Big Idea Development – The First Step

“It’s much easier to not know things sometimes.” Stephen Chbosky, The Perks of Being a Wallflower.Image of idea development team.

The individual who has no ideas can find that life is much easier lived. Without ideas, there is nothing to do. Without ideas there are no risks to take. Without ideas, the likelihood of failure is much less.

When you know things, you begin to have ideas, and when you begin to have ideas, things begin to happen. People begin to respond to you. They either respond with excitement, roll their eyes in disbelief, or begin to fear you.

So why, then, do so many of us pursue idea development? Why do we insist on creating new ideas? Or, if we have no good ideas, why do we try to seek them out?

Idea development is a natural process in humanity. Everything we own, use, discard, began as an idea. The computer I’m writing on was once an idea that was scoffed at, and yet, it’s creator persisted to pursue the idea.

How did he do that? What is the process of taking a spark of inspiration and turning it into a physical object like a computer, our a masterpiece of sound that is the symphony? How does the individual or business with no ideas come up with and development valuable ideas?

Idea Development – Step One

Positive Attitude – The right attitude can make or break any idea development process. A positive attitude is the energy that drives creativity. Successful idea development relies on creative thinking. Without it, you will spend a lot of time at the drawing board.

Negative Attitude – Negative thinking has its place in the development process. However, when negative energy is brought in at the creation stage it can defeat the entire process.

It is essential to create and maintain a positive attitude in the initial stages. If you are creating in a group, set ground rules that permit acceptance of all ideas. Reserve the negative idea analysis for a separate time, once you’ve closed any creative sessions.

“Daring ideas are like chessmen moved forward. They may be beaten, but they may start a winning game.” Johann Wolfgang von Goethe

Entering negative analysis too early in the game can lead to the defeat of good ideas and even prevent them from entering the field. The premature loss of a good idea on the alter of negative thinking can have expensive consequences.

Good ideas are like diamonds. You won’t often find them lying about on the surface of the ground. You may have to dig for them. This process is eased by keeping the process positive, allowing the introduction of any idea, however ridicules or seemingly impossible. These impossible ideas often lead to winning ideas that may be just the diamond you have been looking for.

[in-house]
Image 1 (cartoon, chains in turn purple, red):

Idea Development Rule Number One

All ideas are to be received with open arms.

Positive Encouragement of an Idea.

  • How can we do this?
  • What if we added, expanded, improved, enhanced, etc. the original idea?
  • And then?

Ideas should be received, recorded, enhanced if possible with related ideas, and left for further evaluation and analysis at a later date.

The creative process is a compounding process, easily grown through encouragement, or defeated through premature negative analysis.

Many ideas suffer a premature death when a member of the group, a friend or family member, or even the person who came up with the idea, prematurely states, “That’s impossible. That can’t be done. Nobody’s ever done that before.”

Even in the later stages of idea development, the negative analysis stage, these comments are destructive.

Negative Analysis of an Idea

  • Is this idea worth the investment of time and money?
  • Is there someone already doing this better and cheaper?
  • Are there any technology barriers to this idea?
  • Do we have the staff or support to bring this idea to life?

You will notice the difference in these two types of questions; positive and negative. The proper negative analysis of an idea validates the viability of the idea, instead of just knocking it down because its value is not yet seen. It determines if this is the right time for this particular idea. The purpose of this type of analysis is to identify any red flags or barriers to fulfilling the idea.

When done separately from the idea creation stage, this process allows the individual, company, or group to fairly evaluate individual ideas without dampening the creative process. Data can be analyzed in this process, along with supporting market research, to help determine whether it is practical to pursue the idea, or shelve it for development at a later date.

Using this simple, positive first, negative second, process will continue to foster idea development in the future. When group members know their ideas will be listened to, no matter how amazing, ridiculous, or imaginative they are, they will continue to look for and grow ideas until the next creative session. Far too many ideas have been flushed down the drain through the improper use and timing of negative analysis.

Give your team or group permission to put all their creative juices to work, without fear of rejection or criticism, and you will open the doors to a flood of creative energy.


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